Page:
International students will be appreciated and do much better performance in their academic life than before. University of Tennessee wanted to make some changes in order to let international students feel involved. They studied lots of different cultures. From the study, they found out that “international students felt that meeting Americans students and learning to think independently would be difficult adjustments” (Senyshyn, Warford and Zhan 21).

So they provided a free zone for international student to talk about their issues and gave them a platform to show both how international student’s thought about American and how American think them (Senyshyn, Warford and Zhan 23). By the change the University of Tennessee made, international students are more acceptable in the classes by American students. Some stereotypes that American had are based on the media in the country. The movies and other types of media talk about international students’ home countries and give Americans the bad expression (Hecht, Wadsworth and Jung68).

When American talks about foreign countries with the wrong idea, the international students will feel really sad and disappointed. To solve the problem, international students might create a group to talk about their culture and show some videos or images to Americans, letting them know more about the world and foreign countries. A Mexican girl held a party and invited Americans to join in the University of Arizona. In the party, she talked about the unfriendly treatment she had experienced and mentioned about the positive sides of her country.

Lots of Americans reported that they had learnt a lot and changed their way of thinking Mexican as before (Lee and Rice 395). Letting Americans’ learn more about foreign countries could really help to wave out their negative comments about international student’s home countries. Being an international student is tough. They are young, and new to the society. They are also under all kinds of pressure that the same age people may never think of. However, international students are strong enough to face the discrimination and other problems. And also they are able to fight back for their rights.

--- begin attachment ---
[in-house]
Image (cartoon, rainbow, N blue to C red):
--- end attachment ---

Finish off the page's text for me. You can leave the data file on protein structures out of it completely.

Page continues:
With four or more years of experiences being study aboard, international student might be well prepared to step in the community.

Work Cited

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Bonazzo, Clande, and Joel Wong. “Japanese International Female Students’ Experience of Discrimination, Prejudice and Stereotypes. ” College Student Journal. 41. 3 (2007), 631-639. Education Full Text. Wilson Web. Wilson Library, University of Minnesota, Minneapolis, MN. 23 Mar. 2009. Gravois, John. “A Group of Chinese Students at Yale Alleges Unfair Treatment. ” The Chronicle of Higher Education. 52. 11(2005), A12. Education Full Text. Wilson Web. Wilson Library, University of Minnesota, Minneapolis, MN. 23 Mar. 2009. Hanassab, Shideh. “Diversity, International Students, and Perceived

Discrimination: Implications for Educators and Counselors” Journal of Studies in International Education. 10. 2(2006), 157-172 . Education Full Text. Wilson Web. Wilson Library, University of Minnesota, Minneapolis, MN. 13 Apr. 2009. Harrison, P. “Educational exchange for international understanding” International Educator 11. 4 (2002). 2–4. Education Full Text. Wilson Web. Wilson Library, University of Minnesota, Minneapolis, MN. 16 Apr. 2009. Hecht, Michael, Brooke Chapman Wadsworth, and Eura Jung. “The Role of Identity Gaps, Discrimination, and Acculturation in International Students’ Educational Satisfaction in American Classrooms. Communication Education. 57. 1(2008), 64-87. Academic Search Premier. Ebsco Host. Wilson Library, University of Minnesota, Minneapolis, MN. 3 Mar. 2009. Lee, Jenny. “Bottom Line Neo-racism toward International Students. ” About Campus. 11. 6(2007), 28-30. Academic Search Premier. Ebsco Host. Wilson Library, University of Minnesota, Minneapolis, MN. 23 Mar. 2009. Lee, Jenny and Charles Rice.

“Welcome to America? International Student Perceptions of Discrimination. ” Higher Education. 53. 3(2007), 381-409. Academic Search Premier. Ebsco Host. Wilson Library, University of Minnesota, Minneapolis, MN. 3 Mar. 2009. Poyrazli, Senel, and Kamin Maraj Grahame. “Issue of Adjustment to Higher Education: International Students’ Perspectives. ” International Education. 30. 1(2000) 17-35. Education Full Text. Wilson Web. Wilson Library, University of Minnesota, Minneapolis, MN. 23 Mar. 2009. Senyshyn, Roxanna M. Mark K. Warford and Ju Zhan. “Barriers to Adjustment: Needs of International Students Within a Semi-urban Campus Community. ” Journal of Instructional Psychology. 34. 1(2007), 28-45. Education Full Text. Wilson Web. Wilson Library, University of Minnesota, Minneapolis, MN. 23 Mar. 2009.